"Oh, yes. This is why I want to do this".

Sunday, December 5, 2010

Alternative Holiday Entertainment- Nutcracker Style (Part 2)

WARNING: Contents may be NSFW

If you like your holiday entertainment REALLY naughty, and live in the Northeast, treat yourself to The Slutcracker. This is a burlesque show featuring top-notch talent and choreography, with acts such as pole dancing and hula-hoop.

The story stays pretty close to what we're all familiar with, except that in this version, Clara is given the gift of a pink vibrator who comes to life, turning into a man in a pink suit and little round hat.

I know there are many out there that balk at the idea of stripping as a legitimate art form, but in burlesque, the issue is not how to take your clothes off, it's how to take them off creatively. It creates a sense of mystery and drama--"what's going to happen next?" Burlesque acts are as much about being clever and funny as they are about being sexy.

So if that sounds like the way you'd like to spend your evening, and you're in Boston or Montreal, go check it out. Below is a little video from their website--make sure the kids aren't behind you, then take a look!

Thursday, December 2, 2010

Alternative Holiday Entertainment- Nutcracker Style (Part 1)

As I mentioned in my last post, most people love traditional holiday entertainment to get them in the spirit of the season. As my co-worker describe it, people have "Christmas Programs" they go into, the traditional things that they can do to get themselves in the mode--baking cookies, decorating the tree, going ice skating, etc.

But some people are not really the traditional type. Maybe they find conventional holiday fare too schmaltzy or saccharine, or maybe it's just too...well...conventional. Why can't Christmas be edgy and modern?

These are the kind of people who would love Mark Morris' "The Hard Nut". I remember this playing on PBS when I was a kid taking ballet classes in the early 90's (yay, PBS!) I think my father recommended it to me, being a man with an eye for the strange and awesome.

The Hard Nut takes "The Nutcracker" out of an upscale Victorian European parlor, and puts it in a middle-class American living room in the 1960's. It's much more comical than usual, with Barbies and G.I. Joes taking the place of Columbina dolls and toy soldiers. Morris adds a healthy dose of androgyny and cross-dressing with a man playing the family maid (in toe shoes), and men AND women in tutus as the snowflakes.

The show isn't played entirely for laughs, though; the most beautiful pas de deux in the show is danced by Drosselmeyer and his nephew, The Nutcracker, slowly discovering his restoration.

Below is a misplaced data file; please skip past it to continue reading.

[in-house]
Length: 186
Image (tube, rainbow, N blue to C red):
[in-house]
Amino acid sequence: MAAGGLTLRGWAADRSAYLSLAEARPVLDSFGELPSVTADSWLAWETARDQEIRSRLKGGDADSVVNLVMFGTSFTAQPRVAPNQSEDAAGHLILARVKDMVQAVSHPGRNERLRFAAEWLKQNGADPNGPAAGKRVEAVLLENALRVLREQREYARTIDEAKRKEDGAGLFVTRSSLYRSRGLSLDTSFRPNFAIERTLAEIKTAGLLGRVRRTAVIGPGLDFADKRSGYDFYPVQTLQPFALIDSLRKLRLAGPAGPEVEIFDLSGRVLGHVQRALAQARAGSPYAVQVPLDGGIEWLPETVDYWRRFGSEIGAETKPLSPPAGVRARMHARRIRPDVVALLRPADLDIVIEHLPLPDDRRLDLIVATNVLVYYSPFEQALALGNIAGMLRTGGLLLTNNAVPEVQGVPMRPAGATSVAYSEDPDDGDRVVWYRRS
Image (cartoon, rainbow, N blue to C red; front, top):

In the second act, most productions head straight to the Land of Sweets and set up camp there. The Hard Nut actually goes into the backstory of Princess Pirlipat, and how the Nutcracker came to be transformed in the first place.

Another interesting stylistic feature is the concept art by American comic artist Charles Burns, who usually falls under the horror genre, and addresses themes such as adolescent sexuality (very appropriate for this tale).

The show is still performed every year, but if you can't get to Brooklyn, the DVD is available on Amazon.com. Now go stuff your stocking!

**EDIT: In an odd moment of synchronicity, the New York Times  posted an interview with Mark Morris on their website a few hours after I posted this: http://www.nytimes.com/2010/12/03/arts/dance/03hardnut.html

Wednesday, December 1, 2010

Probably the Worst Show I Ever Saw- Christmas Edition

Merry December, people! The Holidays are fast upon us, and as I'm furiously knitting Christmas gifts for friends and family (nothing makes up for a lack of money like working really, really hard on something), I'd like to take the month to reflect on Christmas shows.

Christmas shows are the cash cow for many a theatre company, and often rightly so. Few things get you in the holiday spirit like dressing up in a pretty red or green velvet dress, and going out to see a heartwarming, well-known family tale, preferably full of opulence and seasonal music.

I hope to pay tribute to all my favorites over the course of the month, but I thought it might be appropriate to start with a hilarious low point and move up from there.

The year before last, one of my roommates found cheap tickets to see a star-studded production of A Christmas Carol playing a the Kodak Theater in Hollywood. It was their opening night--a soft opening, I believe, but definitely not a preview--and Christopher Lloyd would be playing Scrooge, and John Goodman as the Ghost of Christmas Past, including others. Actually, two well known celebrities who were supposed to have roles dropped out a few weeks before production, but we didn't think much of it at the time.

So, Kodak Theater, right? Big fancy venue, hosts awards shows, so this should be a pretty opulent production. So I was surprised to find, when the curtain rose, that the set was rather...small. Actually the whole show just seemed under-produced. There wasn't much music or dancing, the costumes were bland, and the special effects never went beyond some smoke covering spirits as they snuck in and out of Scrooge's bedroom set.

But other than a slightly disappointing set and some sluggish direction, we didn't anticipate the horror to come until the first set change, from Scrooge's office to his home. Scrooge is supposed to go to open the door, see the face of Jacob Marley in the knocker, and be terrified, but then enter the house.

Well, something went wrong in the set change, and when he reached the door, it was dangling open. There was evidently some bit of pre-recorded narration that was supposed to be playing, so instead Mr. Lloyd stood there for a moment, then walked around the back of the house, and with his microphone still live, said to whoever was back there: "Uhh, the door was open!"